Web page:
, he says, "got the worst of me because she was, like, the closest one to me. I was out and partying and just being a jerk." He has joined an alcohol recovery program and settled accounts with his father's memory. Says Nick: "On the whole, he was a pretty good guy."
Dweezil, Moon Unit, Ahmet & Diva Zappa children of Frank Zappa
The four offspring of one of rock's original wild men and oddest talents have far-out names and grew up in an L.A. castle surrounded by the likes of Jimi Hendrix and Keith Moon. They must be into sex, drugs and rock and roll, right? Wrong. "We're the closest you can be to the Brady Bunch," says Ahmet, 22, an actor and musician. "We're probably the cliché concept of an American family." Right on, says his actor-musician brother Dweezil, 27, a former MTV VJ and leader of the band Z, which recently released an album called Music for Pets. "I've never taken a drug or drank or smoked. We always liked the concept of using your imagination to do stuff as opposed to using mind-altering substances to be creative. When we were little and went to our father's concerts, there would be these people acting stupid and stuff. I'd ask him, 'What's wrong with them?' And he'd say, 'They've smoked marijuana and they're acting stupid.' "
Stupid was about the only thing that wasn't allowed in the free-spirited household headed by Frank, who died in 1993 of prostate cancer, and his homemaker wife, Gail. "Right away I knew our family was different than other people's," says the oldest, Moon Unit, 29, an actress and singer ("Valley Girl") who recently shot a Roseanne episode and has appeared on TV's Clueless. "You can't really miss it when there are a bunch of weirdos running around your house." In fact, she says, "I was so excited to be at anyone's house where they sat down and had dinner together. Thanksgiving was the only time we got together for dinner, and I think that was for only about 7 seconds. It was very much every man for himself. Eat what you want, when you want." Holidays in general were not a big deal chez Zappa. "The only thing we celebrated was Ayatollah Khomeni Day to celebrate his death," says Ahmet. "There was Cat Box Day too. We'd fill the cat boxes with fresh litter and sit in them and push each other down the stairs."
The Zappa children are testimony to a liberal upbringing. "There were no boundaries in our house," says Moon Unit. "I think that's what made me more structured than most people." The only advice about life Ahmet remembers getting from his father concerned how to best his brother Dweezil. "If you want to win fights and be smarter than the rest of them," his father told him, "you have to use reverse psychology." The youngest Zappa, Diva, 17, who has a small role in Tom Cruise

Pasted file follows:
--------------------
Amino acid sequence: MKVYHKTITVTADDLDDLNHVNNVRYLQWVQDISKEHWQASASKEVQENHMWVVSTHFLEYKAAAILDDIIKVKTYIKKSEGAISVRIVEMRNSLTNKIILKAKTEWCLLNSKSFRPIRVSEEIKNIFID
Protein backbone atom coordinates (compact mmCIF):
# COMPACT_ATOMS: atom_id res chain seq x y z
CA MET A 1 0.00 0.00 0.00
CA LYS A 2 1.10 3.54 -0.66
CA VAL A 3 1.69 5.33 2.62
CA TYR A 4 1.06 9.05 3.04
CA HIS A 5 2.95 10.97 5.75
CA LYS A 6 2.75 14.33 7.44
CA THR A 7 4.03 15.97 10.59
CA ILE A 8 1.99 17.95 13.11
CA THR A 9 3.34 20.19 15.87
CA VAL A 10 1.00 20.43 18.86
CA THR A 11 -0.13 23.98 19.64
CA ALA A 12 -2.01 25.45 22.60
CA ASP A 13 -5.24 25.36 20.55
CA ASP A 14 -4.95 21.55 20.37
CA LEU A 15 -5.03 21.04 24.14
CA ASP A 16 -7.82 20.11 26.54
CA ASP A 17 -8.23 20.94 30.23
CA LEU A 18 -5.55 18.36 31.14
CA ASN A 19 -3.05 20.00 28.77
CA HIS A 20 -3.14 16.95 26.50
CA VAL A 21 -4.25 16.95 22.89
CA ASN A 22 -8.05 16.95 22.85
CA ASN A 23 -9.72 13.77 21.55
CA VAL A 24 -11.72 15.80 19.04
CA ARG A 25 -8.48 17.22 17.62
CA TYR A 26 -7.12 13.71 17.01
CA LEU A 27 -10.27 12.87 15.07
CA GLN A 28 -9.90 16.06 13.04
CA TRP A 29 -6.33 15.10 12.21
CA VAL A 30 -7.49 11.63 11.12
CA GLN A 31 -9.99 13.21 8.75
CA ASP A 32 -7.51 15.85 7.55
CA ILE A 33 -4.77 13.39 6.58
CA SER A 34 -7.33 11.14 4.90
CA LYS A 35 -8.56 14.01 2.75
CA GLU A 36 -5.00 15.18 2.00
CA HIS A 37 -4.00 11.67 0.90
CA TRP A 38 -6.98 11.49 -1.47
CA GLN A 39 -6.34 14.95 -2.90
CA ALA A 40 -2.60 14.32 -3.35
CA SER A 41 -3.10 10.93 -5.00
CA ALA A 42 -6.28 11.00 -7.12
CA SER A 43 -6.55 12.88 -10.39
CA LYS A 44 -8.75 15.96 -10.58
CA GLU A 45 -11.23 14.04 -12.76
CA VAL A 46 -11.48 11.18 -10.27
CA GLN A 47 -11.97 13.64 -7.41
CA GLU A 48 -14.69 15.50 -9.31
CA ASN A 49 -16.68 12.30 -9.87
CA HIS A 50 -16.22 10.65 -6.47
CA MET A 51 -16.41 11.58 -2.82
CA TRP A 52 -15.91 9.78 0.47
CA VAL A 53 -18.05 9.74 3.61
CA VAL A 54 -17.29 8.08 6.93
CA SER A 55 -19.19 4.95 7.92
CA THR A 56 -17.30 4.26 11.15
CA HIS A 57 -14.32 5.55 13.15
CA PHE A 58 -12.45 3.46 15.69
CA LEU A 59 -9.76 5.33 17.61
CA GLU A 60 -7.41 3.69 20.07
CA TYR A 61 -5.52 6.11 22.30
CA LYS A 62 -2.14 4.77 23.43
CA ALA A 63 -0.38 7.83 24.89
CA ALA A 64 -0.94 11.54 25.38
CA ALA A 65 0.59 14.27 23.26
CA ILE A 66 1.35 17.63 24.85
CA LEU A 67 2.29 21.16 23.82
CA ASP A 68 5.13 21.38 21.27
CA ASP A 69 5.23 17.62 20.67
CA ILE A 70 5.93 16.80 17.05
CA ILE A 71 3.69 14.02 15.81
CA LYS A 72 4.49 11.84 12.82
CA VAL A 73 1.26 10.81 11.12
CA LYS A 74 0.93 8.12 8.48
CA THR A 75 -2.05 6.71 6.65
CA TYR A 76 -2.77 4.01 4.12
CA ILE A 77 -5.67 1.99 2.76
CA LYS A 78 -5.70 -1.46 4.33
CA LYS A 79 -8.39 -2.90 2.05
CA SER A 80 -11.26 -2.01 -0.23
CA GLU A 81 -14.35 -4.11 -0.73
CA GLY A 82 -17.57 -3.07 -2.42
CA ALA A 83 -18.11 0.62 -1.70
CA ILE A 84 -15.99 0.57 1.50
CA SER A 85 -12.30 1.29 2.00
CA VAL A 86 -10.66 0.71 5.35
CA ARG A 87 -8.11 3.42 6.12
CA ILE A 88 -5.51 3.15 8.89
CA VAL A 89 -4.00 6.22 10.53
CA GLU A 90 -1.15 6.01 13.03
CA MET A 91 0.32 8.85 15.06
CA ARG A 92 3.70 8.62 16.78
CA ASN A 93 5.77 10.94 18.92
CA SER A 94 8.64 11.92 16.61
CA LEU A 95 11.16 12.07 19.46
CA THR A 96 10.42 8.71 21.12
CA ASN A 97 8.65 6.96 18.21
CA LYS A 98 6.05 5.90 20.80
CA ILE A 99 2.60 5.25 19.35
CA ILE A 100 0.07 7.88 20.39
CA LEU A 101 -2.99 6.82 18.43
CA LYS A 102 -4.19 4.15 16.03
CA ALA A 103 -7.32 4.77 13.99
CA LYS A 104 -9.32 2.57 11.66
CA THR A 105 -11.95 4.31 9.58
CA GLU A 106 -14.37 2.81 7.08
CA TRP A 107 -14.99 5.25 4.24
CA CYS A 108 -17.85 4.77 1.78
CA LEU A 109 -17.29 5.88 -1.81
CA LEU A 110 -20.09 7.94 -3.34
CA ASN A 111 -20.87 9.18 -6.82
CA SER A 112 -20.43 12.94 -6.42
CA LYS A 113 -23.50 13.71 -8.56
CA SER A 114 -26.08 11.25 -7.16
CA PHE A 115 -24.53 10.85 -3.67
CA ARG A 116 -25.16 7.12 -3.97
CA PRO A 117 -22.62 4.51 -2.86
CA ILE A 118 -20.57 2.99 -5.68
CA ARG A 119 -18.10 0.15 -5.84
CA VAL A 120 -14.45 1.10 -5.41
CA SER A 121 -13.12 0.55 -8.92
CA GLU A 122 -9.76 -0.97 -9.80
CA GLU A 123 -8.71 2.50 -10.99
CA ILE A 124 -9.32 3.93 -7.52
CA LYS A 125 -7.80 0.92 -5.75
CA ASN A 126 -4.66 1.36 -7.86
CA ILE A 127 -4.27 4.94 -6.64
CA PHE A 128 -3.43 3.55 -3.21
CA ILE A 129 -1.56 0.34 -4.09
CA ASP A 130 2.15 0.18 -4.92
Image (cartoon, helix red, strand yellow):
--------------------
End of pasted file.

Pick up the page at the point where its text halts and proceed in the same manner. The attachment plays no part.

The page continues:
's next film, Jerry McGuire, says she "bonded" with her father when they watched The Simpsons together. Mom gave her just one rule. "I couldn't say bad words to anybody to be mean," she says, "and I could say whatever the hell I wanted to anybody, but not in a mean way." Dad gave her another: "When I was little and I would demand not to go to school, my dad would be like, 'All right, you have to sit down and read the dictionary or the encyclopedia or something,' and I would." Diva is the only sib finishing high school. She has trouble getting along with some of the other girls at L.A.'s exclusive Lycée Français (alma mater of Jodie Foster, Brooke Shields
and Molly Ringwald). "My senior class sucks!" she says. So she studies at home (she has her GED) and will attend graduation with her class. Diva and Ahmet live at home with Gail. Dweezil and Moon Unit have apartments close by. The clan remains supportive. "This summer," says Dweezil, "all of us decided to take part in this really bad movie called Anarchy TV, just because we wanted to work together. Says Ahmet: "Zappa...what better species is there to be?"
"The lucky sperm club." That's what Chad McQueen (son of actor Steve) has dubbed it. The dozen young people pictured here share a unique bond: a marquee name. Sometimes that has helped a showbiz career and sometimes it has been a burden. The sons and daughters of Hollywood royalty share memories too. Growing up with renowned parents has a special fizz.